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In Beloved, Toni Morrison articulated my condition before I started to date again:

…way past the Change of Life, desire in them had suddenly become enormous, greedy, more savage than when they were fifteen, and…it embarrassed them and made them sad; secretly they longed to die—to be quit of it…

I didn’t “long to die,” but years of celibacy had made me peculiar. I had intense crushes on wildly unsuitable men; my hormones were ruling my mind and that was dangerous. For my own mental health, I needed to find sex and companionship.

Women’s magazines advised me to look around at church, take a class at the local adult school, strike up a conversation at the YMCA, attend a library event, ask friends if they knew anyone. I’d already checked off the men at my church. Men at the YMCA were sweaty and didn’t want to be interrupted, and classes and library events were packed with other women who had read the same magazines I had.

One friend introduced me to a widowed doctor. The three of us had a pleasant coffee, but the doctor was set in the ways of his former marriage, happy to spend the morning with The New York Times, and the afternoon on the golf course. No place for me in his routine.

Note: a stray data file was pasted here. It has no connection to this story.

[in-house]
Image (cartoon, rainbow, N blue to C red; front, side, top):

My friend Maryann was also oh so ready to date again. She asked me to go to a bar with her. Not one with booming music and microskirts, this one was in a nice hotel. We dressed as if we were traveling on business. We kept sneaking a look at the men at the bar, but they paid no attention to us at all. Was there something wrong with us (she thought there was)? Going to a bar had been a last ditch effort and even that had failed. We were depressed.

She left saying she was going to call someone she had met a couple of weeks ago, but it was twenty years since my last date, and I had nobody to call.

In 2003, Internet dating still felt sketchy, but I dipped my toe in. I discovered a dating site for people who liked classical music. Mozart lovers didn’t feel risky, though logically speaking, there is probably the same amount of weirdness among Mozart lovers as in the general population.

Through the website, I had dinner with a psychologist who asked me to the opera, but we couldn’t find an evening when we were both available. My crammed schedule had given meaning to my life, and being always busy was a hard habit to break, but I created some empty space on my calendar and in my head.

At first, I felt lost, but a couple of weeks later I had my first date in twenty years.